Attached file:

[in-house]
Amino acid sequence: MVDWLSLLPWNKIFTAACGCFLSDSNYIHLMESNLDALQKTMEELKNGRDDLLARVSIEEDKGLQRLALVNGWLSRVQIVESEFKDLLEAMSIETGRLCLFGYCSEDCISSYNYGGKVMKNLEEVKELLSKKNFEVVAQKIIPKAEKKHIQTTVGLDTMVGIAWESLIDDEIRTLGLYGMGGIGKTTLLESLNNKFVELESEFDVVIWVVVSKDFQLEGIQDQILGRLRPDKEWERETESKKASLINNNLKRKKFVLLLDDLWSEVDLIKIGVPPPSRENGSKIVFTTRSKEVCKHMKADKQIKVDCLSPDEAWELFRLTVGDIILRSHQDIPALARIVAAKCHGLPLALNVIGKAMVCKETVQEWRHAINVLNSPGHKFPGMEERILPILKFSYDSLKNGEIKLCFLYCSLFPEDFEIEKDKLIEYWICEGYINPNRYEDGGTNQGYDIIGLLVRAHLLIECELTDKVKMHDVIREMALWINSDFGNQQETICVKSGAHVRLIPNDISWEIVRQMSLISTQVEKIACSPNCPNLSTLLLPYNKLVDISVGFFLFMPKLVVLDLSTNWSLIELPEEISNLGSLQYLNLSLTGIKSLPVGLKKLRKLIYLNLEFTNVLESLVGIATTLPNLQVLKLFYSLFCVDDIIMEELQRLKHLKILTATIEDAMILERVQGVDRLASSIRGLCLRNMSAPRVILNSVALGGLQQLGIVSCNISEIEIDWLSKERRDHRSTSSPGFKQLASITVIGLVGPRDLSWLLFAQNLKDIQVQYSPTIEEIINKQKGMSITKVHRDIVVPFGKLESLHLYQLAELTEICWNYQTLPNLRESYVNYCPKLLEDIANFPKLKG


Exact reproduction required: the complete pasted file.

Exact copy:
[in-house]
Amino acid sequence: MVDWLSLLPWNKIFTAACGCFLSDSNYIHLMESNLDALQKTMEELKNGRDDLLARVSIEEDKGLQRLALVNGWLSRVQIVESEFKDLLEAMSIETGRLCLFGYCSEDCISSYNYGGKVMKNLEEVKELLSKKNFEVVAQKIIPKAEKKHIQTTVGLDTMVGIAWESLIDDEIRTLGLYGMGGIGKTTLLESLNNKFVELESEFDVVIWVVVSKDFQLEGIQDQILGRLRPDKEWERETESKKASLINNNLKRKKFVLLLDDLWSEVDLIKIGVPPPSRENGSKIVFTTRSKEVCKHMKADKQIKVDCLSPDEAWELFRLTVGDIILRSHQDIPALARIVAAKCHGLPLALNVIGKAMVCKETVQEWRHAINVLNSPGHKFPGMEERILPILKFSYDSLKNGEIKLCFLYCSLFPEDFEIEKDKLIEYWICEGYINPNRYEDGGTNQGYDIIGLLVRAHLLIECELTDKVKMHDVIREMALWINSDFGNQQETICVKSGAHVRLIPNDISWEIVRQMSLISTQVEKIACSPNCPNLSTLLLPYNKLVDISVGFFLFMPKLVVLDLSTNWSLIELPEEISNLGSLQYLNLSLTGIKSLPVGLKKLRKLIYLNLEFTNVLESLVGIATTLPNLQVLKLFYSLFCVDDIIMEELQRLKHLKILTATIEDAMILERVQGVDRLASSIRGLCLRNMSAPRVILNSVALGGLQQLGIVSCNISEIEIDWLSKERRDHRSTSSPGFKQLASITVIGLVGPRDLSWLLFAQNLKDIQVQYSPTIEEIINKQKGMSITKVHRDIVVPFGKLESLHLYQLAELTEICWNYQTLPNLRESYVNYCPKLLEDIANFPKLKG